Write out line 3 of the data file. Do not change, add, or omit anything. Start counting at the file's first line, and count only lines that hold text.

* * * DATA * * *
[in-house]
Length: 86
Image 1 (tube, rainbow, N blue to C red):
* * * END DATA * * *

Image 1 (tube, rainbow, N blue to C red):